What is DarkSide? Russian hacker behind Colonial Pipeline ransomware attack didn't want 'problems for society'
'If you would meet us on the street – you would never realize that we are cyberpests, because we are the same normal people like everyone else,' the group claimed
The operator of US' largest fuel pipeline, Colonial Pipeline, fell victim to a cybersecurity attack on Friday, May 7, that involved ransomware, forcing it to temporarily shut down all pipeline operations. The Russian hacker group that broke into the operator's network later declared, "Our goal is to make money, and not creating problems for society."
The DarkSide hacker group which is behind the Colonial Pipeline attack were identified on Sunday, May 9, by the FBI. Though it is a relatively new group, cybersecurity analysts already know enough about them to determine just how dangerous they are.
Gas stations from Florida to Atlanta and Virginia closed their pumps due to a fuel shortage brought on by the Colonial Pipeline hack and a state of emergency was declared by the governor of North Carolina. American Airlines was adding stops to two of its long-haul flights from its Charlotte, North Carolina hub, as an effort to conserve fuel in areas where it could run short. The 5,500 mile Colonial Pipeline was shut down on Friday evening, May 7, by the company when the ransomware attack was seemingly launched by Russia-based cybercriminal group, DarkSide.
Around 12 other organizations were also affected by the attack. Newt Gingrich, the former Speaker of the House, called for those responsible to be executed. He also insisted on legislation to elevate cyberattacks to the same level as terror attacks. The pipeline supplies 45 percent of all the East Coast's fuel needs, including Atlanta's airport — the world's busiest by passenger traffic. The pipeline also serves 90 US military installations and 26 oil refineries. On May 10 evening, motorists were beginning to report shortages at gas stations.
What is DarkSide?
DarkSide is a ransomware program that started attacking organizations around the world in August 2020. Originally discovered by MalwareHunterTeam, DarkSide ransomware is described as a high-risk ransomware-type virus that seems to be operated by former affiliates of other ransomware campaigns. According to Bleeping Computer, the people behind DarkSide stated: "We are a new product on the market, but that does not mean that we have no experience and we came from nowhere. We received millions of dollars profit by partnering with other well-known crypto lockers. We created DarkSide because we didn’t find the perfect product for us. Now we have it." The group also said, "If you would meet us on the street – you would never realize that we are cyberpests, because we are the same normal people like everyone else. Many have families and children, the only thing that these circumstances in which we found themselves in our country are. We have no hatred and desire to cause damage, we perceive our business as any other, the ultimate goal of which is profit."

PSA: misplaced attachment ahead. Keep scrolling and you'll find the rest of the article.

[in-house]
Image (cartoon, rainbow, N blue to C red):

On Monday, May 11, Cybereason provided a new statement from DarkSide’s website that addressed the Colonial Pipeline shutdown. Under the heading: “About the latest news,” DarkSide claimed it’s not political and just wants to make money without causing problems for the society. “We are apolitical, we do not participate in geopolitics, do not need to tie us with a defined government and look for our motives,” the statement said. “Our goal is to make money, and not creating problems for society. From today we introduce moderation and check each company that our partners want to encrypt to avoid social consequences in the future.”
DarkSide also maintains that it will donate a portion of its profits to charities, although some of the charities have turned down the contributions. “No matter how bad you think our work is, we are pleased to know that we helped change someone’s life,” the hackers wrote. “Today we sended (sic) the first donations.” Like other similar ransomware that are being utilized in targeted cyberattacks, DarkSide not only encrypts the user’s information but also withdraws data from the affected servers. Moreover, it changes the extension of these files to .DarkSide.
Cybereason found that the group is highly professional, as it also offers a help desk and call in phone number for victims, and has already leaked confidential data of more than 40 victims. It maintains a website called “DarkSide Leaks” that’s modeled on WikiLeaks where the hackers post the private data of companies that they’ve stolen. Typical ransom demands range from $200,000 to $20M, and Cybereason says the hackers gathered detailed intelligence on their victims, learning the size and scope of the company as well as who the key decision-makers are inside the firm.